Packets having a multicast address can be generated by running the FreeBSD operating system program on each of the gateway computers G1 to G6. Other operating systems may also be used, but any part of the program that prevents the generation of packets having a source address in the range 188.8.131.52 to 184.108.40.206 will have to be removed.
 Each of the routers receiving the many-to-one tunnel packet will carry out many-to-one forwarding (step 602) after finding that the source address of the many-to-one tunnel packet is in the range 220.127.116.11 to 18.104.22.168 (in step 601). The routes followed by many-to-one packets from LANs B,D, and F to LAN A are illustrated in FIG. 6B. It will be seen that the routes are the reverse of those shown in FIG. 6A and followed by multicast packets sent from LAN A.
 It will be realised that both the tunnel packets mentioned above (FIGS. 5B and 5D) would be forwarded by router R2 using its multicast routing table (Table 4). It will be seen that both the many-to-one communication and the one-to-many communication use the same routing table entries. Hence, the number of routing entries that need be stored in the router R2 in order to forward packets from one of the members of the VPN to the others and from one of the members to another member, is reduced. Thus the amount of memory required at R2 is reduced as is the processing time required to search the routing table for the appropriate entry. Thus a packet forwarding technology is provided that can alleviate concerns about the ability of the core of a network to handle real-time packets.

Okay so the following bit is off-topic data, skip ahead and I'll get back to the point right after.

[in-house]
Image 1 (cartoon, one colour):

The new forwarding mode enables computers within a multicast group to send a packet to another member of the group anonymously. This is useful in relation to remote anonymous voting and the like.
 Also, routers can be set up to respond to packets of the new type by forwarding packets received from any member of selected group more quickly than those received from other sources. The use of a group source address removes the requirement for the routers of the shared internetwork S from storing and maintaining lists of which computers are present in which groups. In general, the multicast source addresses of packets of the new type can be used to provide any differentiation of service that might be provided by say, the Forward Equivalence Class to be used in proposed Multiprotocol Label Switched networks.
 In a preferred embodiment, the many-to-one forwarding process (FIG. 4) includes a further input interface checking step immediately before the forwarding step 704. In the input interface checking step it is checked to see whether the packet has been received on one of the output interfaces (i.e. the fourth column of Table 4) associated with the entry found in step 703. If it was not received on one of those interfaces then the packet is discarded.
 It will be seen how the preferred embodiment prevents computers on LANs which do not contain members of the multicast group from sending many-to-one packets which have the address of that multicast group in their source address field. In this way, computers which are not in the group are unable to take advantage of services intended only for group members. In order to control membership of the multicast group, methods such as those used in the Remote Authentication Dial In User Service (RADIUS) and the improvement thereof known as DIAMETER.